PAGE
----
Friday, January 15, 2010

For all the talk of the journalist as an entrepreneur........

My former tutor at UCLAN,Andy Dickinson was present at the hyperlocal session at News Rewired yesterday and makes some good points on his blog.

I sat in the same session and I left this comment on his site.

For me it sums up the problems for journalism

Some good points Andy and as you know my big concern is the sustainabilty of hyperlocal sites.

For all the talk of the journalist as an entrpreneur,there seemed little appetite yesterday to try and solve the basic problem of how to make money.

Instead it was worrying that the debates descended into arguments about the role of the citizen journalist(which should have been put to bed now) and the role of the BBC (over which we have little or no control).

The likes of Lichfield blog and Josh Halliday’s SR2 are great examples of hyperlocal innovation but to be sustainable they need to find a way of attracting certain and regular revenue streams )I think I am slipping into my former profession here) but it’s an important consideration.

The question I asked in the session about whether hyperlocal could survive on volunteers and dedicated individuals was answered spot on by Philip John (ie no way).

I start to get a bit angry at many of these conferences as a roomful of media people seem to get wrapped up in minute detail whilst failing to address the bigger picture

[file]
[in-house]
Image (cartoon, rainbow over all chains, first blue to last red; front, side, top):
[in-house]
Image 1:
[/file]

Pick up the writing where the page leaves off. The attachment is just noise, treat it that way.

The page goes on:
As Andy says

By the time we got to the ‘close the BBC and local newspapers will thrive’ stage I lost my patience

Andy made the comment which I tweeted

Shall we go back to letting the printers carry swords so that we can succeed by killing off the competition”.


anna said...

I've been running a community newspaper for 10 years. Most of my team are volunteers. You all will think we are pretty steam driven as far as our website presence goes, but frankly a lot of our older readers wouldn't even think of reading our website. They are used to the free bi-monthly magazine which is pushed through their letterboxes once every two months.

And, yes there could be some chicken-and-egg issues here. We are keen to address this, but we will need to find funding and training to get up to speed and make our site more interactive.

One thing that interests me - most of these hyperlocal sites (just as with community newspapers and community websites in the past) seem to be done by one or two v dedicated people. What happens to, say, the SR2Blog when the likes of Josh (who is a hero in my eyes, btw) moves away from Sunderland permanently?

Nigel Barlow said...

What you say Anna is a massive problem.As I said most community websites are run by small teams of dedicated volunteers and this is not sustainable in the medium term.

I met up with Josh yesterday.He is passionate and dedicated but he will move on and it's unlikely SR2 will move with him although the idea I am sure will.

I am currently looking at a luanch of a hyperlocal site and am determined to make it business model sustainable so that the idea will survive without me being there.